TUCSON (KGUN9-TV) - Despite the government shutdown and memorial closures, a Tucson Honor Flight leaves Sunday for the Nation's Capital.
Charles Wohlleb has seen the video of other men who fought for our country barging through the barricades at the World War II Memorial earlier this week.
"Would you have done the same?" 9 On Your Side asked him.
"Oh yeah," Wohlleb said. "If they do that to us down there when we go, I'll get in. I'll do the same thing. Its our monument."
"They waited over 60 years for it to be built," Tucson Honor Flight volunteer Kathy Mansur said. "And I know most of our guys have been waiting for a year to go."
Sixty years ago, Wohlleb served in the Navy. During WWII, he was stationed in the Pacific on the U.S.S. Spence, a destroyer ship.
"We saw plenty of action down there," Wohlleb said, referring to battles with the Japanese near the Solomon Islands.
While off the coast of the Philippines in December 1944, it was a battle with Mother Nature, not the Japanese, that changed Wohlleb's life forever.
"It wasn't just a regular storm," he said. "It turned out to be a typhoon. The water, the storm had the power to do whatever it wanted with us."
Wohlleb managed to get on a floater net as the ship capsized.
"That's Luzon, that part, and we sunk right about there," Wohlleb said while pointing to a spot on a globe. "I seen the ship upside down. That's the last time I've seen the ship."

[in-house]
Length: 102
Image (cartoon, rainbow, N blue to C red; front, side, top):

Of the 350 men on board the U.S.S. Spence, Wohlleb is one of only 24 survivors.
"There isn't one day that doesn't go by I don't think about and I'll probably think about it more when I get there," Wohlleb said of his trip to Washington, D.C.
The 77 veterans from Southern Arizona are scheduled to visit the WWII Memorial on Monday.
"The Honor Flights are being granted access to the WWII memorial to conduct First Amendment activities in accordance with National Park Service regulations applicable to the National Mall and Memorial Parks," said National Park Service Spokeswoman Carol Johnson in a statement.
As for the rest of the monuments on their trip itinerary, they'll have to wait and see what's open when they get to our Nation's Capital, Mansur said.